HL Deb 17 December 1902 vol 116 cc1459-61

My Lords, in the unavoidable absence of my noble friend Lord Lamington, he has requested me to ask the Question which stands in his name, although, as it appears on the Paper, it is perhaps rather vague—"To ask the Under Secretary of State for the Colonies a Question with reference to the reply sent to the Petition forwarded by the South Sea Islanders in Queensland." The noble Earl the Under Secretary of State will remember that last August, when Lord Lamington asked him a Question with regard to the repatriation of certain Kanakas who were going to be removed from Queensland, the noble Earl then promised that he would bring the case under the notice of the Common wealth Government†; and I understand the purpose of my noble friend today was to ask whether that had been done, and what response has been received from the Common wealth Government.


My Lords, I must take a little exception to the form that this notice assumes. It is "To ask.… a Question with reference to the reply sent to the Petition forwarded by the South Sea Islanders in Queensland." By the courtesy of the noble Lord in whose name the Question stood, I received an intimation from him of what the nature of the Question was to be, but it was something very different from what the noble Lord has just stated to your Lord ships. It was to ask whether the interests which were involved in this measure were not Imperial rather than local; but I understand now that what he really wants to know is, what reply we have received from the Commonwealth † See (4) Debates, exii., 1081. Government. I hope that this may not be a precedent as to the manner in which Questions are to be put down 'on the Paper of your Lordships' House, because if so we shall presently get to something like this, "To ask the Under Secretary of State a Question with reference to the British Empire!" I will endeavour to answer the noble Lord as far as I can, but if I had known what was the exact nature of the Question I would have been better prepared.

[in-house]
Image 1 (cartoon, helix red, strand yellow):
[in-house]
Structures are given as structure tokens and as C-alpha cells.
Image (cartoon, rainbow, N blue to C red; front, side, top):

I may point out that these Kanakas, who are to be repatriated to their own country are not British subjects at all unless, of course, they have been born in, and resident in Queensland. We have been in communication with the Government of the Commonwealth, and they assure us that they will take every possible precaution to see that these people, when the time comes (it has not yet come) for them to be repatriated, will be treated with every possible consideration, and that they will not be sent back to any place where they are not likely to thrive and be happy. It has been said that some of these islanders have lost all connection with their homes, and that they have now become practically Queenslanders, accustomed to a settled form of government, and accustomed to regular work. His Majesty's representatives in the New Hebrides and in other places have been instructed, and are taking the necessary steps, to provide for any of these Kanakas in whose case it may be dangerous or disagreeable that they should return to their native homes. The Government of the Common wealth have given us the most complete assurance that, when the closing scenes of Kanaka employment in the plantations of Queensland arrive, they shall be accompanied by none of those cruelties and barbarities with which it was initiated. These islanders will obtain special and anxious attention, and it is hoped that whenever deportation is found to be necessary the Government will at the same time ensure the safety, and as far as possible the future welfare, of those towards whom Queensland has undertaken obligations which the Australian Commonwealth is bound to fulfil.


explained that in putting this Question he had been almost as much in the dark as the noble Earl himself as to the exact purport of Lord Lamington's Question.